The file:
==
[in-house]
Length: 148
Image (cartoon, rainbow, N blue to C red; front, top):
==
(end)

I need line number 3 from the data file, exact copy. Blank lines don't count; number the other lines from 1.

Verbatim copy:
Image (cartoon, rainbow, N blue to C red; front, top):